Masaki Takahashi

Aoyama Gakuin University, Edo, Tōkyō, Japan

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Publications (28)61.62 Total impact

  • Erika Sawano · Masaki Takahashi · Takayuki Negishi · Tomoko Tashiro
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    ABSTRACT: Thyroid hormone (TH) plays essential roles in normal brain development mainly by regulating gene expression through binding to specific nuclear receptors which serve as transcription factors. Previous studies showed that perinatal deficiency of TH or impairment of its signaling severely affect brain development, especially the development of the γ-aminobutyric acid (GABA) system, but cellular and molecular targets of the hormone are only partly uncovered. In the present study, we focused on the developing rat hippocampus which was confirmed to be one of the regions highly sensitive to TH status, and found two new targets of the hormone among the pre- and post-synaptic components of the GABAergic system. One was glutamic acid decarboxylase 65 (GAD65), the protein level of which was reduced to less than 50% of control in the hippocampus of hypothyroid rats (obtained by administering 0.025% methimazole in drinking water to pregnant dams from gestational day 15 until 4 weeks postpartum) and recovered to control levels by daily thyroxine-replacement after birth. Reduction in GAD65 protein was correlated immunohistochemically with a 37% reduction in the number of GAD65-positive cells as well as a reduction in GAD65-positive processes. In contrast, the other GAD isotype, GAD67, was not affected by TH status. A subpopulation of GABAergic neurons containing parvalbumin was also confirmed to be highly dependent on TH status. The second target of thyroid hormone was neuron-specific K(+)/Cl(-) co-transporter, KCC2, which is responsible for switching of GABA action from excitatory to inhibitory. In the euthyroid hippocampus, a sharp rise of kcc2 expression was observed at postnatal day (PND)10 which was followed by a large increase in KCC2 protein at PND15. This transient rise in kcc2 expression was completely suppressed by hypothyroidism, resulting in nearly 80% reduction in KCC2 protein at PND15. These results indicate that the development of GABAergic terminals and the excitatory to inhibitory maturation of GABA signaling are strongly dependent on TH.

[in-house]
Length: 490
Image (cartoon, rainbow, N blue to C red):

No preview · Article · Sep 2013 · International journal of developmental neuroscience: the official journal of the International Society for Developmental Neuroscience